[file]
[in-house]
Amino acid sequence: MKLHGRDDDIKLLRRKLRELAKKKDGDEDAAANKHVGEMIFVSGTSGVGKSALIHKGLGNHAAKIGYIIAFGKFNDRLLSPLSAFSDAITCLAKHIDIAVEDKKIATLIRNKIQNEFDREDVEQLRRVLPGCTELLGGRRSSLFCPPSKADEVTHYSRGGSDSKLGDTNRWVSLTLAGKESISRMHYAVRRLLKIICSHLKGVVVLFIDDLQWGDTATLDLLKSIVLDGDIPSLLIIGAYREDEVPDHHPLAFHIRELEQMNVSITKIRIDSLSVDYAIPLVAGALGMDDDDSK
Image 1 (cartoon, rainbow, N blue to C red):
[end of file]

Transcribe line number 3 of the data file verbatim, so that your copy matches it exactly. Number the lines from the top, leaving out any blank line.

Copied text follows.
Image 1 (cartoon, rainbow, N blue to C red):